Caiti Waks inspires love for healthier oceans
Caiti Waks has always had a connection to the sea.
“I’ve always been a southeast Florida coastal baby,” says Caiti Waks. The co-founder of Debris Free Oceans, now a mother of two and tireless advocate for healthier seas, became a Grove resident in 2018. Like many Grovites, she loves the trees — but her heart is happiest on the water.
Born in Stuart to first and second generation Floridians, Waks moved to Miami at age 11. Even before college, she knew that she would have a lifelong connection to the sea. “In high school, I started to discover the issues that were plaguing our oceans,” she says. “I decided I would dedicate my life to do something about them.”
Shaping laws and culture
The first step was a degree in Ecosystem Science and Policy, with minors in Philosophy and Art, at the University of Miami. One class about law and morality steered her into advocacy and changed her life. She had already done data collection in the field and lab research, but she felt pulled towards her heart’s calling.
“I realized my place in the ocean movement was more as a social person helping to inspire others to take action on issues coming out of the laboratory,” she says. “Laws are a reflection of our society. I wanted to be part of law making, which is also culture shaping.”
The next step was law school at the University of Florida, where Waks put her inspiration to work by helping establish a marine protected area in the Bahamas. Long Island has a small population, but the Gulf Stream — an international ocean current — deposits garbage from all over the world on its shores. “Working there opened my eyes to the world problem of marine pollution,” she says. “It was my first experience working with the local community and government. I took scientific data into consideration when helping to facilitate a best plan of action for everyone.”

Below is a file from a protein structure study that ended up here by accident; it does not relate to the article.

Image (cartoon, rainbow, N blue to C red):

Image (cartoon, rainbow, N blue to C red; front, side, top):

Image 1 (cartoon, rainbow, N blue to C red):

One summer while in law school, Waks chose a cancer awareness bike ride from Baltimore to San Francisco instead of a traditional law firm internship. Long days pedaling on land helped Waks gather her thoughts for what would become Debris Free Oceans. “I had time to think about how I would solve the plastic problem,” she recalls. “I came up with a holistic platform to tackle it from beginning to end — where it comes from and where it goes.”
At the time, Waks admits, there were few organizations covering the breadth of the plastic problem in the way she envisioned. “I wanted to tackle the problem from education, research, policy and clean ups, working with many different sectors of society and how they could come to an agreement toward a common goal.”
When she returned to her final semesters at law school, she began crafting a business plan for the non-profit she co-founded with Saira Fida and now-husband Jeremy Waks, Miami-native and owner of Treehouse Miami. “We had a launch party at the club with reusable cups I bought at Goodwill,” she remembers.
Waks helps Miami care for Biscayne Bay
A Miami-based organization, Debris Free Oceans works locally but thinks globally to eradicate marine debris from beaches, reefs and oceans.